Abraham and Sarah didn’t have any proof that God would do as God had said. Year after year they remained childless. How could they be the parents of, and blessing to, nations without a single child? How could their descendants be like the dust of the earth, or inhabit even the back yard if there is no child?
Even in our modern times, things can go terribly wrong in pregnancy. There is no guarantee that the mom and baby will be healthy. It is hypothetical hope in many ways, awaiting the proof of birth. I don’t mean to be creating tension – in our case, everything is fine, they got home from the hospital yesterday evening and were looking forward to not sleeping well, but at least in their own bed.
Faithful expectancy is also realistic. From Abraham and Sarah in Hebrew Scriptures to Paul in the New Testament, living in hope is knowing that it is grounded in a God who walks alongside us, who doesn’t protect us like a forcefield, who may seem silent for years, but who never-the-less promises to be, and to be with us in this life. Living in trust, in hope, with a kind of grounded optimism is a choice more than a spiritual gift. We can teach ourselves to be generous in our thoughts and actions toward others, to be forgiving of ourselves, kind to ourselves, to look for the good around us even if it takes a bit of digging.
I kind of like the phrase hypothetical hope. A hypothesis is a provisional idea awaiting further research that begins with an educated guess or thought. In formal logic it is expressed in a what if question or an if, then formulation. This is where the language of Paul lands. 1 Corinthians 1513If there is no resurrection of the dead, then Christ has not been raised; 14and if Christ has not been raised, then our proclamation has been in vain and your faith has been in vain. 20 But in fact Christ has been raised from the dead…” and on he goes in what sounds like circles to us. Paul was building a case in the logic of his day, formulating hypothetical hope in the resurrection of Jesus as the basis for risking the dangers of claiming Christ, not Caesar, as Lord in the people’s daily life.
The hope we choose affects the way we live. I don’t know that we can choose to have faith. I think we can’t really decide to believe in God or Jesus, but by choosing hope we put ourselves in the way of faith, mingling in the same room, giving openings for conversations with the Spirit of God, and then, who knows what might happen? And we are able to behave in faithful ways. Innocent, faithful, optimism might be naive. It certainly sounds like it is when the headlines pop up on my BBC News homepage. But if we don’t ask the what if questions, if we don’t open ourselves to the possibility of goodness and kindness and divine grace, if we don’t expect the baby – then how will we catch it and care for it and love it when it comes?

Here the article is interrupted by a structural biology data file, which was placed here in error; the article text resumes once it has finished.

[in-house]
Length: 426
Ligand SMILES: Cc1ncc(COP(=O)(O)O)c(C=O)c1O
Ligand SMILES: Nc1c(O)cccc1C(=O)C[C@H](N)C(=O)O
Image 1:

Do you have a sense of expectant hope? Psychologists say it gives us resiliency to deal with disappointments, illness, grief, trauma. With life, in other words. And it can be learned, added to your tool belt. When Paul talks about faith, hope, and love, he is talking about actions and behaviors, not feelings – about ways of treating one another, treating yourself as we face the challenging world around us.
Today is also Juneteenth and another reminder of the racism that scars our country’s history and present life. Expectant, intentional hope is a practical way forward, living into the vision of a better way, choosing awareness of our own prejudices and cultural blinders, and choosing to speak up, to vote, to act out of faithful optimism for the future we want our children and grandchildren and their children to inherit.